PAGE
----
Steven Greenhouse

Steven Greenhouse was The New York Times labor and workplace reporter for 19 years. His new book is Beaten Down, Worked Up: The Past, Present, and Future of American Labor

Recent Articles

The Worker’s Friend? Here’s How Trump Has Waged His War on Workers

A Labor Day look at the president’s continual attacks on America’s working men and women

Evan Vucci/AP Photo
When it comes to wowing workers, Donald Trump is an absolute magician. Through some mysterious sorcery, he has convinced millions of American workers that he is their true friend, fighting hard for them, even though he and his appointees have taken one anti-worker action after another—dozens of them. Yes, it is perplexing to many of us that so many workers are still wowed by President Trump even when his administration has rolled back overtime protections for millions of workers and made it easier for Wall Street firms to rip off workers’ 401(k)s (to cite just two of many such actions). A labor leader recently explained to me, with considerable dismay, how Trump performs his magic on workers. Day after day, Trump pounds and pummels China over trade, and his macho trade war often dominates the headlines. That, this labor leader said, convinces many workers that Trump is their guy: While previous presidents refused to stand up to China, he alone has bravely launched this...

A Great Labor Leader Gone

Hector Figueroa, 1962–2019

Far more than I would have liked in my years writing about labor, I found myself writing articles about corrupt union leaders, including one who embezzled $1.7 million and one who built himself an extravagant penthouse atop his union’s headquarters with two marble-walled bathrooms. And then there were the many uninspired and uninspiring union presidents who seemed allergic to doing any organizing even as the union movement continued its decades-long slide. But when I went this past Wednesday to a packed memorial service at cavernous Riverside Church for Hector Figueroa, president of the 175,000-member SEIU Local 32BJ, I found myself deeply moved as one eulogy after the other talked of how many workers’ lives Figueroa had lifted, how many new union members he had organized, and how many people he had inspired. At least half a dozen times, the eulogists used a word rarely employed to describe today’s labor leaders: “visionary.” Figueroa, who headed the...

New York Labor Didn't Shrink from Confronting Amazon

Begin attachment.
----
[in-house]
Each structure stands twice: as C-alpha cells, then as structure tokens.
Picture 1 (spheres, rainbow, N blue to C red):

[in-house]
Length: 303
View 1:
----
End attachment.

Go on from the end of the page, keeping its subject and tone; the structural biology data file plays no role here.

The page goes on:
But unions were sharply divided about how to deal with the tech giant. 

Ever since Amazon’s plans to open a second headquarters in New York were announced last November, two things have become clear about organized labor and Amazon. First, labor is eager to unionize Amazon, or at least parts of Amazon, a fiercely anti-union company that doesn’t have a single unionized facility in the United States—none of its “fulfillment center” workers, Whole Foods workers, or drivers are unionized. Second, labor is seriously divided about how to achieve its ambitious goal of unionizing Amazon. Days after Governor Andrew Cuomo and Mayor Bill de Blasio trumpeted the deal in which Amazon promised to create 25,000 jobs in Queens and would receive $3 billion in subsidies, New York’s building trades unions announced that Amazon had given its blessing to letting the project’s construction work, involving an estimated 5,000 workers, be unionized. Moreover, Local 32BJ of the Service Employees International Union said that Amazon and the...

How the Public Employee Unions Refused to Die

Confronted with a Supreme Court ruling designed to hobble them, the nation’s public-sector unions have increased in size and grown more militant.

When the Supreme Court ruled last June in the Janus case that government employees can’t be required to pay any fees to the unions that bargain for them, the common wisdom was the nation’s public-sector unions would be thrown hugely on the defensive. Evidently, the leaders of those unions didn’t get the message. To the contrary, they have gone on the offensive. As leaders from the nation’s four largest public-sector unions made clear at a forum last weekend in Washington, not only are their unions seeking to staunch the loss of fee-payers, they’re pushing mightily to add members. Saying that Janus was just one step in a 40-year assault on unions, Mary Kay Henry, president of the Service Employees International Union (SEIU), said, “One of the most important things, if not the most important thing we should be working toward, is organizing workers. ... That has to be priority No. 1. We will always have to fight defensively against the attacks that...

The Return of the Strike

This year, thousands of teachers, hotel workers, Google employees, and others walked off the job and won major gains. Which raises two questions: Why now? And will this continue?

This article appears in the Winter 2019 issue of The American Prospect. Subscribe here . For years, many labor experts seemed ready to write the obituary of strikes in America. In 2017, the number of major strikes—those involving more than 1,000 workers—dwindled to just seven in the private sector. Indeed, over the past decade, there were just 13 major strikes a year on average. That’s less than one-sixth the average annual number in the 1980s (83), and less than one-twentieth the yearly average in the 1970s (288).In 1971 alone, 2.5 million private-sector workers went on strike, according to the Bureau of Labor Statistics—that’s 100 times the number, 25,000, who went on strike in 2017. But then came 2018 and a startling surge of strikes in both the private and public sectors. More than 20,000 teachers and other school employees walked out in West Virginia in February, followed by at least 20,000 more in Oklahoma. Probably the biggest educators’...

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